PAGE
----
Kristi SUNDERLAND et al., Plaintiffs and Appellants, v. LOCKHEED MARTIN AERONAUTICAL SYSTEMS SUPPORT COMPANY et al., Defendants and Respondents.
In this appeal we discuss the differing purposes of the workers' compensation law and the respondeat superior doctrine of vicarious employer liability. We hold that the “commercial traveler rule” of workers' compensation law may not be incorporated into the respondeat superior doctrine.
In workers' compensation law, a worker is covered, without regard to fault, if the activity which injures the employee arises “out of and in the course of the employment.” The commercial traveler rule provides that during the period an employee travels on the employer's business, the employee is within the “course of employment,” which includes the activities of obtaining food and shelter.
By contrast, the respondeat superior doctrine makes an employer vicariously liable for an employee's torts committed within the “scope of employment.” If the employee commits the tort while engaged in purely private purposes, however, such private conduct is outside the scope of employment and cannot form the basis for an employer's respondeat superior liability.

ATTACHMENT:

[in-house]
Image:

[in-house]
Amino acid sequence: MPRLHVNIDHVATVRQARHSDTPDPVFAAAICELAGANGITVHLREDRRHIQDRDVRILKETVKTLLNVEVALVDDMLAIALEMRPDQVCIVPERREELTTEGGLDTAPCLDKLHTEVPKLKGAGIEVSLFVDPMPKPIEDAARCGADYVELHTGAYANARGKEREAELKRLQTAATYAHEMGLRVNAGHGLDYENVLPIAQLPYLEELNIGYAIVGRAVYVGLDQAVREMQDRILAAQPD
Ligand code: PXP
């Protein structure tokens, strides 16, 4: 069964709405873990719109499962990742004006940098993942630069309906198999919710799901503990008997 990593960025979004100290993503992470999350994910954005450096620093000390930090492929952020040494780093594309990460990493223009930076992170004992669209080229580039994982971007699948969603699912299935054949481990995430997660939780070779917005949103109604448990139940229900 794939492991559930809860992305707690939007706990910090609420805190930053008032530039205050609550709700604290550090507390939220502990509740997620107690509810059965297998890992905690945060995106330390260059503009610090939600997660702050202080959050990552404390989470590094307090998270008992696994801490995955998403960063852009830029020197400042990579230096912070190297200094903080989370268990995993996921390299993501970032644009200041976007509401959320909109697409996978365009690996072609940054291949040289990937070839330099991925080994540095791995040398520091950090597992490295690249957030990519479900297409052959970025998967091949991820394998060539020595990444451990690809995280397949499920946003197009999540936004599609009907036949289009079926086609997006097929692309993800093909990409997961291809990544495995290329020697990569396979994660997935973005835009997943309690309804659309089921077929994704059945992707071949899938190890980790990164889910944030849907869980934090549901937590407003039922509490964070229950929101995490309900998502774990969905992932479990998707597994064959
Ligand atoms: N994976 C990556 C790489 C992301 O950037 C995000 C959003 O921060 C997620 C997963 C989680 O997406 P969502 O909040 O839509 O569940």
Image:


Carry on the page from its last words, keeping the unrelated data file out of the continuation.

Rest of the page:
In this case, the injuries to plaintiffs were allegedly caused by an employee of defendant corporation, as the employee pursued the purely private activity of buying food at a fast-food restaurant. Plaintiffs argue that because that employee was in California pursuant to his employer's temporary work assignment, this court should borrow the commercial traveler rule from workers' compensation law and apply it to the respondeat superior doctrine to hold the corporation vicariously liable for its employee's alleged tort. As we will explain, the differing purposes of workers' compensation law and the respondeat superior doctrine do not permit incorporation of the commercial traveler rule into respondeat superior vicarious liability.